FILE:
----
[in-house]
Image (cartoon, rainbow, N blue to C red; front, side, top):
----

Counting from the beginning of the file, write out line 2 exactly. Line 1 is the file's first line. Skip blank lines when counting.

Image (cartoon, rainbow, N blue to C red; front, side, top):